Independent outsiders help businesses stay in control

Interims have a career’s worth of experience in leading, delivering, implementing, and accelerating change.  Their motivation is to engage, deliver, hand over and exit, having shared their experience and left capability in place. The interim management model is a direct response to the need for readily available independent experience, to help businesses deliver change and help their employees learn to manage that change without feeling their jobs, responsibilities, and career aspirations have been taken from them. Although it receives fewer headlines than the Big 4, the independent interim executive network is an industry the UK excels at.

Positive, purposeful, and impactful

The positive and purposeful impact of interim executives is undeniable. An assignment cycle begins with an agreed brief – which is clear and concise. Interims swiftly move on to engagement and delivery. Within six to eighteen months or so, they are presenting their handover: job done with a legacy of improvement and enhanced capability. In contrast, questions are rightfully asked about the sustainability of what capability the big consulting firms leave in place, if anything, for the large sums spent on them. I speak weekly to business leaders who spend their days planning how to regain control of swathes of their organisations from outsiders who don’t know when to leave.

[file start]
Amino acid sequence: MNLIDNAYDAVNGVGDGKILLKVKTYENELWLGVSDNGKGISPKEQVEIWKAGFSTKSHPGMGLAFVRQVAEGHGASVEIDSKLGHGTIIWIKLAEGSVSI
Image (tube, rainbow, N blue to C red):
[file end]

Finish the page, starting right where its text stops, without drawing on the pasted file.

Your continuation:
Conclusion: The right outside help will always be needed in a rapidly changing world

Organisations will always need outside help. Human resource plans can’t be expected to cover all eventualities. With their lean operations, organisations inevitably struggle to match the range of experience readily available externally. Business leaders know their organisations better than anyone outside. But to get where they want to be faster, external experience is essential to gain that competitive edge. Once an organisation has made the decision on ‘what’ they are trying to achieve, the decision then focuses on ‘how’ to deliver it. Interim executives offer a compelling answer: years of implementation experience and a proven record of leaving capability in place.

Organisations should perhaps avoid the ‘default response’ of bringing in outsiders before considering who internally could step up. Why not give colleagues the career opportunity they joined the organisation for? However, if external experience is needed, making the right call on what type of outsider can also be a powerful employee retention strategy. Do colleagues need mentoring and guiding, does a role need backfilling or is implementation impetus needed? In the long run, organisations – and their people – benefit far more from building internal capability, where possible.

Businesses should run efficiently and effectively. Bringing in experienced, professional help is often necessary. If change delivery know-how and experience are needed from an independent outsider, there really is only one choice: interims, expert game changers of the economy.